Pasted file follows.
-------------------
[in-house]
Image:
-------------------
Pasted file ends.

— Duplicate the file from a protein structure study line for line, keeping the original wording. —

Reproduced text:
[in-house]
Image: